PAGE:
@Carra-Pet Foods - good to see the new website. I have only had a very quick glance so far but I usually immediately look at the ingredient list of at least one item. I noticed that this product (Prins ProCare Standard) is not clearly labelled - there are no percentages and exact ingredients:
Grains, meat and animal by-products (poultry), vegetable by-products (400 mg Fructo-Oligosaccharide), oils and fats (0.5 % salmon oil), sugar, yeast. The only product on the Dog Food Directory is Prins Procare Sensible Grainfree. It would be useful if you could add your full range to it.
As this is the cold pressed food thread, I thought it would be useful to have a direct link to these products. The pressed foods appear to be the Pins Pro Care range on this page of the website. Is this correct?
First of all answering your question regarding the compositions. There are two ways in which you can detail the composition of your products; either a detailed ingredient list as we're used to in the UK or what is called a clustered composition - this is where you list the food groups. Until recently Prins only sold their products in the Netherlands where there isn't the same demand from the consumer for detailed ingredients lists - as a result Prins always used a clustered composition*. They have however acknowledged that in countries such as the UK there is a demand from consumers to know detailed ingredients list and have begun the process of changing all their packaging over to a detailed composition. As I'll come onto in a moment Prins have multiple ranges of food, some of these have already moved over to the new detailed packaging however a couple of their older, best selling ranges will take a few months due to the volume of existing packaging still held in stock - the aim is for this to be completed by the new year though. As soon as the new packaging is fully in place, and hopefully to coincide with David's new algorithm that incorporates nutritional levels as well as ingredients, we'll be adding the rest of the products to the directory.
Regarding your 2nd question. The ProCare range is just 1 of 5 ranges of pressed food Prins offer and within each range they offer at least an adult, puppy, senior and hypoallergenic product:
1. ProCare - this was their original range. https://www.prinspetfoods.com/dog/prins-procare
2. ProCare Mini - this is essentially the same as the ProCare range but with a smaller sized kibble. https://www.prinspetfoods.com/dog/prins-procare-mini
3. ProCare Grainfree - this is their grain free range. https://www.prinspetfoods.com/dog/prins-procare-grainfree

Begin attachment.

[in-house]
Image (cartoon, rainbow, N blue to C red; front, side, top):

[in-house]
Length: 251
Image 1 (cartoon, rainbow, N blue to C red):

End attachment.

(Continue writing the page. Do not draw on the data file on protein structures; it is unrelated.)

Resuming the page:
4. ProCare Protection - this is their latest range which I mentioned earlier in the thread. This range is designed for larger, more active dogs that are more susceptible to heart, muscle, joint & digestive problems. https://www.prinspetfoods.com/dog/prins-procare-protection
5. ProCare Dieet - this is their veterinarian/diet products. https://www.prinspetfoods.com/dog/prins-dietetic-feed-your-dog
The Grainfree, Protection and Diet ranges have all moved over to the detailed composition and as above, within the next few months we hope for all the ProCare & ProCare Mini products to have the same detailed compositions too. Just to give a bit of detail though - every food is 100% natural and with the exception of the hypoallergenic products which are either Duck or Lamb, all the other products are poultry based.
*Briefly just on the topic of ingredients lists and it is something I've touched on previously, I would urge people to study the analytical constituents of a food just as much as the ingredients lists and most importantly, look at the correlation between the two. An ingredients list on it's own is just a list of words, it doesn't tell you the quality of the ingredient that's used, nor does it tell you how much of the nutrients are left over after the production process. For example if you have a food that claims to have a very high meat content but a very modest crude protein level, ask yourself why - what quality of meat is being used? is the claimed meat percentage as straight forward as it seems or is the manufacturer using a rehydration factor? For those that may not know, there is a slight grey area when it comes to percentages of dehydrated ingredients. If you had a very small amount of a particular dehydrated ingredient in your product you're allowed to list the percentage of that ingredient as if it was in it's fresh form. Unfortunately there are some companies using this 'trick' for the main ingredients too which is borderline illegal.
I have a lot to do getting ready for PATS this coming weekend but next week I'll try to write a post regarding the term 'cold pressed" and claimed temperatures that pressed food is exposed to.